13 Hrs

cast: Isabella Calthorpe, Tom Felton, Gemma Atkinson, Joshua Bowman and Simon MacCorkindale

director: Jonathan Glendening

90 minutes (18) 2010
widescreen ratio 16:9
High Fliers DVD Region 2

RATING: 3/10
review by Paul Higson

13 Hrs

Your reviewer really hates to kick Jonathan Glendenning’s 13 Hrs, but – affable, likeable chap that the director is, and notwithstanding the behind the scenes trials that he came up against, I can only take the film as it comes. Glendening completed his third feature film in 18 days on a budget of, well, officially £200,000 – although there are hints of it costing a little more, though not significantly more. The producers interfered. Of course they did, they are ‘producers’ after all. Despite all that, Glendening is proud of his movie, following greater disappointment in his previous venture into horror filmmaking, S.N.U.B.

The situation around these films are not unlike the kind of Old Compton Street deals that used to take place out of Tigon as young aspirant filmmakers like Michael Reeves, Michael Armstrong, and Stephen Weeks left the office stunned at the opportunity to make a film not realising that they were agreeing to do it on a budget only a young aspirant filmmaker would agree to. Glendening’s latest low-budget challenge was made possible with a ten-year old screenplay by a friend (Adam Phillips) which yelped of simplicity but unfortunately was a bit of a bow-wow.

X number of youths, one dark night and an old country house besieged by a werewolf. There you go, that’s the plot, or thereabouts. The film does open promisingly with a daughter, Sarah (Isabella Calthorpe) returning to the old country pile where she finds her father (the late Simon MacCorkindale) pondering his financial concerns, and an errant wife. Two brothers, a half-brother, an ex-boyfriend, his girlfriend (also her best friend), and one more mate for not so good luck, are meanwhile partying in the barn. She joins them and, in between swigs and tokes, we are subjected to several minutes of dull banter.

A storm whips up, and something on all fours hurtles around the house. When the ‘beautiful’ young things take their party back to the house, they find father’s shredded mess of a corpse in the four-poster, and the doomed generation are trapped upstairs. They retreat further upwards into the attic and the creature catches up with them one by one. There is in-fighting across class and familial lines.

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The slow and brutal disintegration of a family unit over the length of a movie is in the script design and could admittedly be interesting, but once MacCorkindale is reduced to blood and bones, it is difficult to give a jot about the fate of the other characters.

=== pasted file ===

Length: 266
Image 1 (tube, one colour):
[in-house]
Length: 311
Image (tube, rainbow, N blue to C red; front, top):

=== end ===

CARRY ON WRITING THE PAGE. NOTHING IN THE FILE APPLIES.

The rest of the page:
The lads look like boy-band rejects and the girls almost as routine. The only response is indifference and one is prone to zone out watching the movie. The cruel collapse of a family is familiar theme in horror film and fiction, most notably in Poe’s poetic fantasy The Fall Of The House Of Usher. Later, more brutalistic deconstructions of the family include the notable film and book of Burnt Offerings, George McCowan’s Frogs, Oliver Stone’s Seizure, and the Richard Haigh (Laurence James) novel The Farm.

What makes those films more interesting, apart from the accepted shared fatalistic theme, is that the affected families’ composition is not unlike a real family, intergenerational, uncles, aunts and in-laws if need be, but also the fates are peculiar and varied. 13 Hrs’ young cast appear to fit Simon Cowell’s strict criteria for what we want, and are bereft of real character. The scenario is too basic and therefore has little allure. A great chunk of the movie is taken from the creature’s point of view, the stalking of the young peeps and their evasion of said beastie. It is not enough. The viewer is instead given the time to mull on the direction of the story and even work out the identity of the monster.

The story of the making of the film and the interference by the producers is likely to make for a more fascinating tale and, to be honest; a full account of the production hassles might be the one thing that might benefit the film when viewing. I caught the film at Manchester’s Grimm Up North horror and sci-fi film festival so I cannot vouch for any commentary on the DVD (the film was unfortunately released the same weekend that Simon MacCorkindale died), but given the concerns of the director in criticising the producers too publicly then I doubt the commentary on the current release would be open enough to entertain as much as the making story would.

The closing shot of the film, for example, in which a character thought by the audience to be dead, gasps back into life – is merely an outtake with the actor exhaling having held is breath for his corpse shot, the director’s cry of ‘cut’ removed. This was a decision made by the producers without the director’s consent or knowledge. The journey by the cop and the hunter to the manor house is a tribute to Scatman Crothers’ journey to the Overlook Hotel in The Shining and, contrary to the build up, naturally, they a suddenly dispatched on arrival. This homage can be read into the finished sequence but the director admits that the strict schedule, low-budget and insufficient takes and footage left the deaths a kerfuffle when they should have been a major shock. The bald cap used late in the movie is involved in close-up shots which linger too long on the details resulting in the notice of the strategic smearing of fake blood to hide the join and billowing of the rubber as the wearer moves their neck.

Despite all this Glendening and crew show technical skill and proficiency; it is such a pity that it was hurried and wasted on a weak script. With an improved script, more time and less interference from silly producers, I expect better films to come from this director.